The global charity, Jubilee Sailing Trust (JST), was founded in 1978 to enable everyone, no matter what their ability, to enjoy sailing. This February and March 2022, it’s running a series of Big Weekends, offering fun-filled trips for five days on its fully-accessible ship. Find out more about the charity, its Big Weekends and how you can get involved – no matter what your disability.
If you’ve ever fancied sailing, but have no idea where to start, you’re not alone. The majority of people who join us on our voyages for the first time, young and old, have never sailed before. Not only are they complete novices, but most of them are also living with a disability as well.
Our mission is to offer people of mixed abilities the opportunity to explore their potential at sea and create life-changing experiences for disabled and non-disabled people of all ages, as well as people dealing with all forms of social isolation.
The most important part of JST is our tall ship, SV Tenacious. Hand made by volunteers and supporters of us, Tenacious is the only tall ship to be made entirely of wood, and designed and built by a mixed ability crew.
Unlike a typical sailing vessel, Tenacious has been adapted to allow all who sail her to enjoy their experience on board. All signage is also in brail and there are clear markers to help those with visual impairments to find their way around the ship.
Even though at first it is an unfamiliar environment, visually impaired people tell us that they’ve not needed to use any visual aids, such as canes, to help them get around as their confidence grows.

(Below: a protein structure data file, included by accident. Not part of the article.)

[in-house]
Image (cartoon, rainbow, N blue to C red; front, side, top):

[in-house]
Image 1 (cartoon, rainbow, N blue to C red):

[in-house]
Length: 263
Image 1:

Roesie, who is partially sighted, took her first voyage at age 17. Afterward, she said: “I’ve come back a different person. This experience pushed me to my limits. If I can do this, I can do anything.”
Another of Tenacious’ voyage crew, Mavis, caught the sailing bug for the first time at age 70 after climbing aboard and learned to operate every part of the ship.
The great thing about Tenacious is that she’s designed to be fully inclusive to all ages, backgrounds and abilities, but for anyone who may require assistance, or is lacking confidence at any time, our permanent crew and experienced volunteers are always on hand to help.
Aboard Tenacious, barriers break down, differences disappear, social bonds form and people start to appreciate the ability and potential in others.
Beneficiaries leave our voyages with new skills and are more aware of their own strengths and capabilities. They gain beliefs and attitudes that help them tackle the limitations in their life. They feel freer to explore their ability, potential and place in the world.
Last year, we partnered with a military preparation training collage, where students were taught invaluable life skills, but were also encouraged to look out for each other. It is here where strong social bonds are formed – and quite often remain for life. One of the college’s students gave a snapshot into what life was like on board: